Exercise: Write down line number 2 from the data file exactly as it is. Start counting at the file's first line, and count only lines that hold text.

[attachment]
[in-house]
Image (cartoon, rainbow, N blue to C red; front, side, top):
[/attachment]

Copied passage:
Image (cartoon, rainbow, N blue to C red; front, side, top):